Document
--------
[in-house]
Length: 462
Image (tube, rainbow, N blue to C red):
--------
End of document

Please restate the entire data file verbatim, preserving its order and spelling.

[in-house]
Length: 462
Image (tube, rainbow, N blue to C red):